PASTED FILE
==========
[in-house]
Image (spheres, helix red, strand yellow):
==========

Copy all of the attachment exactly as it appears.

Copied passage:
[in-house]
Image (spheres, helix red, strand yellow):